Metropolitan: As far as big-time promoters go, Martel and Nabiel remain true to the San Francisco deep-house sound at Release.

Jay-J: Because of the success of their party, they have been booking the type of music that I think is worthy of exposure--they're getting it out there to people. There's definitely something to be said about that event. Marques Wyatt, Deep Dish, Julius, Doc Martin and I play there sometimes. Not to mention [Martel and Nabiel] make a shitload of money on that party.

Metropolitan: The Moulton Street Studios seems like a good place to chat up famous house producers.

Jay-J: The who's who of house culture can be found at Moulton Street Studios from time to time. When Disciple comes into town, he'll come here; so do Victor Simonelli, the Deep Dish guys. When I first starting producing house, there was no way I could have afforded to work in a place like this--now people can work in an environment where they can explore their talent without having to work against the limitations of cheap gear.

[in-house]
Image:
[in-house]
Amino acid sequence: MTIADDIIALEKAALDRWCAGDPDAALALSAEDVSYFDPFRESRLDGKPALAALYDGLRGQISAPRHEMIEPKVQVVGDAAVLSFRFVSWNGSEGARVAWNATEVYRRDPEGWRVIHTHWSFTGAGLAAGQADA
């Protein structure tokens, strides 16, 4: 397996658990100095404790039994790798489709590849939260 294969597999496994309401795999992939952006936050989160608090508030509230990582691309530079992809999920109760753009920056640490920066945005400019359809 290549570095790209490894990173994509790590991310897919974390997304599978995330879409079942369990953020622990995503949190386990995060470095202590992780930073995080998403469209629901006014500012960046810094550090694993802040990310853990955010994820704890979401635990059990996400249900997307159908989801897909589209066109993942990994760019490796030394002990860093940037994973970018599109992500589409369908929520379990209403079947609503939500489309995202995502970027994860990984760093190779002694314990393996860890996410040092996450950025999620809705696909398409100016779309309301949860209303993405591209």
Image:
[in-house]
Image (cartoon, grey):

Metropolitan: With all this talent surrounding you, have you considered starting up a new label?

Jay-J: If I started a house label now, I would move to New York. Running a house label isn't just about a nice vibe and people stopping by. It's all about--where are you going to press the record? Where are the distributors? Where do you have access to the big-name DJs? It's all in New York. When DJs travel to New York, they can walk up one block and hit 50 house labels. They'll check in, say "What's up?" face to face--that's the place you want to be.

Distribution is what matters most for the house labels. It doesn't matter how many fucking DJs you hand that record to, how many are playing it--it matters if the distributor can move the units and put it into the hands of the people overseas. That's the state of the music right now.

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From the May 10, 1999 issue of the Metropolitan.